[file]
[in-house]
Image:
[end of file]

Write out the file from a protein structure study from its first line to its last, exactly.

[in-house]
Image: